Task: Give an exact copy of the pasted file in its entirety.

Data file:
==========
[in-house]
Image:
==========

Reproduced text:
[in-house]
Image: